We took off to the north and banked back south. Kansas City’s downtown airport is truly downtown, perched on the north shore of a bend in the Missouri River with the city shooting skyward on the south shore. Landing there is fun, especially at night, because you have a windshield-filling view of the city no matter which runway is in use.
We turned east toward what many in Kansas City consider to be sacred ground—the Royals baseball and Chiefs football stadiums, which sit adjacent to each other. We had moved to Kansas City from Maryland, and when we arrived I was taken aback at the intensity of Kansas City’s sports fans, especially for the hometown Chiefs. I thought the Redskins had a rabid following, but it was soon apparent that K.C. and D.C. were at least equals in terms of loyal fans.
But this was summer and the Royals were in town, and the glow from the ballpark lights attracted our Skyhawk like a moth to flame. (This, before the current stadium overflight restrictions.) We overflew the stadium and peered down into the bowl. The stands were mostly full, and a few specks—the players—dotted the grassy floor and infield dirt. We circled, trying to read the scoreboard while I fiddled with the ADF frequency tuner to pick up an AM broadcast of the game. No luck, but no matter. We didn’t really care who was winning or losing. We were at a ballgame, enjoying our very special box seats.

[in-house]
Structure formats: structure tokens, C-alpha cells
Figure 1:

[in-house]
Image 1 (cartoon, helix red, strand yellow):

Suddenly the stadium went dark. I mean pitch black. Wondering what had happened, I said, “Must be a big-time power outage.” We made one more orbit over the black hole, and then all hell broke loose. A thin white light arced up from the stadium, and suddenly the sky burst into a rainbow of colors that mushroomed like a bomb blast. It was followed by a mushroom blast of mostly blue sparkling light. Fireworks! They were shooting off fireworks from the stadium, and we were in the middle of it. Well, not quite the middle. We were too high to feel the effects of the flak, but it was completely unexpected and the suddenness of it startled both me and my son.
I beat a hasty retreat from the area, but instead of heading back to the airport I took up a position a safe distance from the ballpark and began orbiting once again. It was summer, after all, and what better way to enjoy a summer fireworks display than from the cabin of a high-wing Cessna Skyhawk with your young son at your side?
Mark R. Twombly lives in and flies out of Southwest Florida. E-mail the author at firstname.lastname@example.org.
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An aviation student from Liberty University in Lynchburg, Virginia, is the 2015 recipient of the $3,000 AOPA Women in Aviation, International student pilot scholarship, AOPA announced March 5.
AOPA has joined the “Know Before You Fly” campaign that seeks to educate users of unmanned aircraft systems about safe and responsible operations, including where and how high unmanned aircraft may be flown.